Resist Trump Tuesdays

by Peter Galescreen-shot-2017-02-09-at-8-28-57-pm

There has been a consistent and insistent protest all over the country against President Trump’s nominees for posts in his cabinet and his nominee for the Supreme Court, Neil Gorsuch. Many people have called Trump’s proposed cabinet a “corporate cabinet” or a “billionaires-packed cabinet.”

In New York, most of the protests and rallies have been directed to Democratic Senators Charles “Chuck” Schumer and Kirsten Gillibrand, urging them to vote against Trump’s nominees and even filibuster against Gorsuch. The demonstrations and protests have been more directed to Senator Schumer rather than Senator Gillibrand, largely because Schumer is the influential Senate Minority Leader, and partly because Gillibrand is the only Senator to vote no on every nominee so far, except for Nikki Haley, the Ambassador to the United Nations. Even Senators Bernie Sanders, from Vermont, Elizabeth Warren, from Massachusetts, and Sherrod Brown, from Ohio, have voted for one cabinet nominee so far.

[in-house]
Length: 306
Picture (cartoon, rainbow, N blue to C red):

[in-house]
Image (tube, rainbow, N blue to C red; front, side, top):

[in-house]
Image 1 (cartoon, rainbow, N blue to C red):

The protests in New York against Trump’s nominees started on Tuesdays in early January, organized by the Working Families Party, Citizens Action, and Peoples Action. The protests are called Resist Trump Tuesday, when protests erupt at many cities across the country. Every Tuesday in New York, several hundred people have gathered at noon in front of the offices of Senators Schumer and Gillibrand, both at 780 Third Avenue, between 48th and 49th Streets, in Manhattan. They shout anti-Trump slogans, such as “No wall, no ban,” and “Refugees are welcome here, no hate, no fear.”  

The protesters included both Bernie Sanders supporters and Hillary Clinton supporters, people carrying signs promoting women’s pro-choice and pro-immigrant statements, and others.